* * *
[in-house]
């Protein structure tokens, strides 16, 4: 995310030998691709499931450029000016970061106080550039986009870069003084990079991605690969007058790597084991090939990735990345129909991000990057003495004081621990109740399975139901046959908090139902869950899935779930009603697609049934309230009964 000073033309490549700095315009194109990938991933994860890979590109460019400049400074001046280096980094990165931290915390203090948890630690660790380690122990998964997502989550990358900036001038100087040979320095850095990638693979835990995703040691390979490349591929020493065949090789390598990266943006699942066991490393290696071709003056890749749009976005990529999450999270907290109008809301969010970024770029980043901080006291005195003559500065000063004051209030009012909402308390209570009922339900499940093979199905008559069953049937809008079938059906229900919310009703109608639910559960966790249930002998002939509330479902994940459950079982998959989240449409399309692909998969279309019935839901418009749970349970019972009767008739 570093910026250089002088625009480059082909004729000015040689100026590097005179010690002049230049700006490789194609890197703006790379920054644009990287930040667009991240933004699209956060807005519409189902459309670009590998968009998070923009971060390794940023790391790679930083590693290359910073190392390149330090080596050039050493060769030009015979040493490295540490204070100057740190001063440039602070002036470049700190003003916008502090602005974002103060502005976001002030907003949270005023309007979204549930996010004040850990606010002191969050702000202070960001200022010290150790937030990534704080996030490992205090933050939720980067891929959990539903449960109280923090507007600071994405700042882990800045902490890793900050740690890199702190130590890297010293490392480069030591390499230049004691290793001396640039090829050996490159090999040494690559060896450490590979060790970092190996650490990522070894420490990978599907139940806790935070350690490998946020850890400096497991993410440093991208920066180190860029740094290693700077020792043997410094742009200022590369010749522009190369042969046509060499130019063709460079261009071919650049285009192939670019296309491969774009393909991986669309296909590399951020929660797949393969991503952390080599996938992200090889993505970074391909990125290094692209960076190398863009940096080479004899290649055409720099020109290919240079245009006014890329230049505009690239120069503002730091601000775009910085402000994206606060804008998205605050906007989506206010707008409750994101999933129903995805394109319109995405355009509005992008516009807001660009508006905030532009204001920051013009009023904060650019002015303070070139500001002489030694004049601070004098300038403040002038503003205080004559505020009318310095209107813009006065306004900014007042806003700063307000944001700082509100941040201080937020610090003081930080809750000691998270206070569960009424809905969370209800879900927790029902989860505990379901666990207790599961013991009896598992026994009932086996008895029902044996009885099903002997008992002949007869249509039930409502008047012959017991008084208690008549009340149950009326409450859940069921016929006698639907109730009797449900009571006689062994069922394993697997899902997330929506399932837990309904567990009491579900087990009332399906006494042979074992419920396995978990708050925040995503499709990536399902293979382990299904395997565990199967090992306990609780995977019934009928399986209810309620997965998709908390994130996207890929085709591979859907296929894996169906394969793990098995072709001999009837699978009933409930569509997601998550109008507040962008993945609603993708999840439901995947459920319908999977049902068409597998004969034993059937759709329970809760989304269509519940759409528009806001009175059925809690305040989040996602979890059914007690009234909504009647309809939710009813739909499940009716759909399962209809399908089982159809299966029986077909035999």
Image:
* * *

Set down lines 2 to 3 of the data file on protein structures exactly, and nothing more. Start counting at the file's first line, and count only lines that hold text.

């Protein structure tokens, strides 16, 4: 995310030998691709499931450029000016970061106080550039986009870069003084990079991605690969007058790597084991090939990735990345129909991000990057003495004081621990109740399975139901046959908090139902869950899935779930009603697609049934309230009964 000073033309490549700095315009194109990938991933994860890979590109460019400049400074001046280096980094990165931290915390203090948890630690660790380690122990998964997502989550990358900036001038100087040979320095850095990638693979835990995703040691390979490349591929020493065949090789390598990266943006699942066991490393290696071709003056890749749009976005990529999450999270907290109008809301969010970024770029980043901080006291005195003559500065000063004051209030009012909402308390209570009922339900499940093979199905008559069953049937809008079938059906229900919310009703109608639910559960966790249930002998002939509330479902994940459950079982998959989240449409399309692909998969279309019935839901418009749970349970019972009767008739 570093910026250089002088625009480059082909004729000015040689100026590097005179010690002049230049700006490789194609890197703006790379920054644009990287930040667009991240933004699209956060807005519409189902459309670009590998968009998070923009971060390794940023790391790679930083590693290359910073190392390149330090080596050039050493060769030009015979040493490295540490204070100057740190001063440039602070002036470049700190003003916008502090602005974002103060502005976001002030907003949270005023309007979204549930996010004040850990606010002191969050702000202070960001200022010290150790937030990534704080996030490992205090933050939720980067891929959990539903449960109280923090507007600071994405700042882990800045902490890793900050740690890199702190130590890297010293490392480069030591390499230049004691290793001396640039090829050996490159090999040494690559060896450490590979060790970092190996650490990522070894420490990978599907139940806790935070350690490998946020850890400096497991993410440093991208920066180190860029740094290693700077020792043997410094742009200022590369010749522009190369042969046509060499130019063709460079261009071919650049285009192939670019296309491969774009393909991986669309296909590399951020929660797949393969991503952390080599996938992200090889993505970074391909990125290094692209960076190398863009940096080479004899290649055409720099020109290919240079245009006014890329230049505009690239120069503002730091601000775009910085402000994206606060804008998205605050906007989506206010707008409750994101999933129903995805394109319109995405355009509005992008516009807001660009508006905030532009204001920051013009009023904060650019002015303070070139500001002489030694004049601070004098300038403040002038503003205080004559505020009318310095209107813009006065306004900014007042806003700063307000944001700082509100941040201080937020610090003081930080809750000691998270206070569960009424809905969370209800879900927790029902989860505990379901666990207790599961013991009896598992026994009932086996008895029902044996009885099903002997008992002949007869249509039930409502008047012959017991008084208690008549009340149950009326409450859940069921016929006698639907109730009797449900009571006689062994069922394993697997899902997330929506399932837990309904567990009491579900087990009332399906006494042979074992419920396995978990708050925040995503499709990536399902293979382990299904395997565990199967090992306990609780995977019934009928399986209810309620997965998709908390994130996207890929085709591979859907296929894996169906394969793990098995072709001999009837699978009933409930569509997601998550109008507040962008993945609603993708999840439901995947459920319908999977049902068409597998004969034993059937759709329970809760989304269509519940759409528009806001009175059925809690305040989040996602979890059914007690009234909504009647309809939710009813739909499940009716759909399962209809399908089982159809299966029986077909035999």
Image: